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A third of the UK’s millennials would rather not order in English

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Just because a shopper is ordering from the UK or other English-speaking country does not mean they’d rather place their order in English. That’s the finding of a new study from customer experience management business SDL, which says 32% of millennial consumers prefer to use a language other than English, while 46% are more likely to buy if information is presented in their preferred language.

The report, There is only one language, is drawn from an SDL global survey which involved more than 1,800 millennials, aged between 18 and 36. It found that today’s millennials are part of an always-connected generation that expects content to be delivered across devices, channels and in the language they prefer. That means brands can benefit from localising content in domestic markets just as much as internationally.

The study found that in the UK, as in Australia, one in three respondents spoke a language other than English at home. In the US, the figure is one in four. Meanwhile, the same is true in non-English speaking countries, where one in two German, Dutch and Norwegian respondents spoke a language other than the local one at home.

Hotel operator Accor meets such challenges in its day-to-day business.

“With around 3,600 hotels and over 460,000 rooms, we interact with customers from around the world constantly, and at every level of our organisation,” said Bénédicte Lefeuvre, VP distribution systems administration at Accor. “With the help of SDL, we are translating over 20 million words a year to ensure that our customers receive the quality experience they have come to expect from our organisation. Brand loyalty and customer advocacy are integral to our overall marketing strategy and the ability to communicate appropriately with our consumers, and even our employees, around the world, with the help of SDL’s language solutions, allows us to provide a unique and personal experience for each of our guests.”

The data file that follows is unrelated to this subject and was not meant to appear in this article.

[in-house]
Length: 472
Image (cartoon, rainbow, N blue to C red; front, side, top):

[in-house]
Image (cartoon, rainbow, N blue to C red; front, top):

Paige O’Neill, CMO at SDL, said: “All too often, language is an afterthought in an organisations’ customer experience strategy. Marketers now need to address the demands of globalisation and ensure that their business speaks only one language – the language of its customers. Localisation strategies must be adopted to address translation at a local level, but also the personal demographics of its target audience. In doing so, consumers will be compelled to share content and foster brand advocacy in their language of choice, giving marketers a competitive advantage and the ability to deliver the customer experience that truly defines their brand’s voice, globally.”

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